The various and sundry calls for rolling heads has already begin and this will be an interesting off season for the Bears. But, for now, join our very own Tyrone Briggs in BREAKING DOWN THE SEASON.
The Minnesota Vikings defeated a play it safe ‘cause we’re going to the playoffs New York Giants team on a game ending field goal.
That was supposed to be the game we were desperately pining for a Giants victory.
However, a more improbable playoff friendly Bears scenario was the Raiders and Eagles each winning their respective games today.
Lo and behold, that actually transpired.
All that was needed was for the Chicago Bears to take care of business in Houston this afternoon.
That did not occur. Keep those champagne bottles corked.
Bears - 24
Texans - 31
Longtime JTJ contributing regular, TomD, offers a candid evaluation of the Bears performance in 2008.
Let the debate begin:
The Bears are done. They’re a very mediocre team even with a 9-7 record.
So now comes time to grade them and to expound on what everyone thinks they need to do to be better in 2009.
O.K. I’ll start:
Bob Babich: Grade: F
This defense hasn’t been the same since Lovie Smith chose friendship and unconditional loyalty over winning. Babich’s defenses have been among the worst in the NFL the last 2 years, especially against the pass. Why Israel Idonije wasn’t starting all year is beyond me. Per Dan Hampton today on the post game show, the first thing the Bears need to do to improve the defense is to get a new coaching staff. I agree. FIRE BABICH.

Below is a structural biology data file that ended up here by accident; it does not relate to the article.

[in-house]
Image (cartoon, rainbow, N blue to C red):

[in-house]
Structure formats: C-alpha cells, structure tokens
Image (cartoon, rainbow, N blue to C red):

Ron Turner: Grade: D
There has been some improvement on the offense, but not much. Most of it is because of Matt Forte, Greg Olson and maybe Kyle Orton. It’s bad enough without a #1 receiver, and an O-Line that can’t stop a 3 year old on Big Wheel most of the time, but throw in Turner’s inability to devise a good game plan, and his inability to make adjustments to it during a game, and you get..well you know what you get..a mediocre offense at best. FIRE TURNER.
Dave Toub: Grade C:
He did a pretty fair job given he didn’t have a good punt/kick returner most of the season, and Brad Maynard was inconsistent much of the first half of the year. He’s the only coach I’d retain.
Lovie Smith: Grade: D
As mentioned above, Lovie Smith opted to go with a yes man at defensive coordinator rather than keep the guy who’s defense got him to the Super Bowl a couple years ago. Add that to the fact that Lovie’s teams never seem quite prepared enough to play every week. With Lovie, it’s the same dispassionate, unemotional drone-like spin on how this team needs to improve every week. Yeah, I know he’s under contract until 2011, but I’m now convinced this team will never make the playoffs let alone the Super Bowl again with Lovie as their head coach. Sorry Lovie. Mediocrity should never be a goal. Time to end the Lovie Smith Era in Chicago. FIRE LOVIE.
Jerry Angelo: Grade: F